I sent her an email to just express my dismay for what she’s doing. Of course, I don’t expect a reply. Anyway, I guess something good can still come out of this situation.

For one, it’s a warning to my fellow bloggers that there are people out there who are desperate enough to do this. I didn’t think this could happen to me but it did. This is something that can hurt my reputation as a blogger. As a fellow blogger has recommended, get an email address that has your domain name ([email protected]). That way, companies are sure they’re talking to the right people.

And this also serves as a warning to companies. I mean, thank God this company owner noticed that the email wasn’t from my blog’s domain and decided to shoot me an email just to verify. Imagine if she didn’t. She would have sent an item to this Rachel and not get anything — no post, no promotion, no feedback, nothing.

I suggest, if you are a business owner, that you check the email address in the blog’s contact page/form and see if it’s the same as the email address from which you received the pitch email.

These few additional steps for both bloggers and business owners might seem like a hassle but it would benefit both in the long run since you’ll be preventing scammers or posers from victimizing you.

Do you have any other tips? Let me know.


Beware Of Scammers! — 20 Comments

  1. Wow, I never even thought about someone doing something like that! Now it makes me wonder how many unsavory, unethical people there are out there who pretend to be other bloggers, take stuff, and basically hurt the blogger’s reputation in the process. Thanks for sharing your story, I’m just sorry this happened to you!

  2. Wow! That makes me want to make my Media Kit private and send it only when I am pitching or getting requests! I guess a lot of the information is already public though – that is just shocking! I am sorry that happened.

  3. I bet you are seeing red right now! I have a domain email and I use it most of the time when contacting companies. But I sometimes use another email address to make contact, depending on how well my domain one is behaving.

    Thanks for the heads up! I can’t believe people would stoop so low!

  4. That is totally crazy! Whoever this Rachel person is should be ashamed of herself. The best thing you can do is use an email address from your own domain, agreed.

  5. Wow! It’s hard to believe that someone would actually do something like this! Time to put some disclaimers on my blog. Thanks for the warning!

  6. Wow! I would be livid. This is so sad that someone would stoop this low. I am so sorry this happened to you and thank you so much for writing a post about this to warn us bloggers!

  7. you need to file a complaint with the state attorney generals office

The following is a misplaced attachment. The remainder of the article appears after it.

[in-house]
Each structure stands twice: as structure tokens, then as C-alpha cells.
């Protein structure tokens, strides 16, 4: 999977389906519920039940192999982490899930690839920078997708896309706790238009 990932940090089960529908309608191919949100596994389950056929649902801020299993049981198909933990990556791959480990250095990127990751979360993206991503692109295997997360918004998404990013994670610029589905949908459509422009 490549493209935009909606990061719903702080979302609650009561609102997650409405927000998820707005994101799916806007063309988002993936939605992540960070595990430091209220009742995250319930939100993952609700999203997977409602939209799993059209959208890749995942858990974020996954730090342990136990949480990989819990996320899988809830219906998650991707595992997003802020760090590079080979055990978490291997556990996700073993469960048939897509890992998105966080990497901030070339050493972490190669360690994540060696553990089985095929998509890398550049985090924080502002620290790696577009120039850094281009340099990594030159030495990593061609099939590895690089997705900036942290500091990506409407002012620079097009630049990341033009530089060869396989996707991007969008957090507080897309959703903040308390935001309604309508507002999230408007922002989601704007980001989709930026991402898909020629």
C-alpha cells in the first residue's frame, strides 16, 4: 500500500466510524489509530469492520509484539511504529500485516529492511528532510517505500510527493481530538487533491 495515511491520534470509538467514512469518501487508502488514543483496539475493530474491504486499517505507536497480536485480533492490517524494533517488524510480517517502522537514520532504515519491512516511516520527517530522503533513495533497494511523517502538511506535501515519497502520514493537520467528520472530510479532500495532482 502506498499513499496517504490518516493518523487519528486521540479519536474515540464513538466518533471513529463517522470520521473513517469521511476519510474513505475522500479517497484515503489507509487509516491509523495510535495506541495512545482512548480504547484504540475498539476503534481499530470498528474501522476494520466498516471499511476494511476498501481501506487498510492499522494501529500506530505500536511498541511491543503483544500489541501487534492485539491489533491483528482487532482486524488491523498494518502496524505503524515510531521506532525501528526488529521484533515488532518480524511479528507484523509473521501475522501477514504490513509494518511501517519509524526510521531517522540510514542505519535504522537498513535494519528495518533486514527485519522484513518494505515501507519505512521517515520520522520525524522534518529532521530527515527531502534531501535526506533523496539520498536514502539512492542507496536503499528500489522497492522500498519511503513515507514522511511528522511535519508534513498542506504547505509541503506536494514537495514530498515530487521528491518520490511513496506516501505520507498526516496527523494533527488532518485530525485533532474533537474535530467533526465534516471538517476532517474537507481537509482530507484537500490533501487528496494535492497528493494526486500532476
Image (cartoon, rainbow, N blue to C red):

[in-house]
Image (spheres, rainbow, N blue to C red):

also the internet fraud website, also the FTC

    then list your official and authorized business emails on your website, the trick here is to set them up so they do not receive email, it will block the spam to you that way, warn people to only deal with those authorized emails…. you will give them a confidential contact email in all correspondence, sounds real professional that way

    the easy way is to tell visitors, only accept emails sent from your site, are authorized, you can also ask them to report all fraud

    you have to remember, when someone gets a pitch, they will check your site, so let them know, only emails ending in are authorized

    • Thanks for the suggestions Joseph! I think I’ll be retaining the warning on my header for quite a while to make sure everyone knows not to talk with anyone that doesn’t have

  8. WOW! I can’t believe someone would actually do such a rotten thing! I am so glad that you found out who was doing it! People are so ignorant! Hey, I’d love to get stuff for free too, but I’m not going to do something like that in order to get it! Some People! This really makes me upset because it could just about happen to anyone that Blogs! I’m so glad that you posted this if only to vent, because it lets everyone know to watch out for this kind of thing! Thanks so much for sharing this personal information! I really do appreciate it and let’s all hope that person no longer does this again! Thanks, Michele 🙂
    Michele Ash recently posted..$218 COACH Madison Handbag GiveawayMy Profile

  9. Omg finally I find someone else she’s done something crazy to! That women is Rachel cotton aka Rachel munyon. She’s been trying to sabotage my eBay store and other sellers eBay stores for months! She really is a scammer!!!

  10. This Person Rachel Cotton, mixie.. has also been scamming on Ebay. She has about 9 usernames,she orders something, then claims it’s not as described.
    She’s done this over 30 times in the past month!!
    Police report her as the other sellers have also.

  11. type the username you entered into toolhaus website(Google it),then click feedback left by. Every sale she leaves negatives!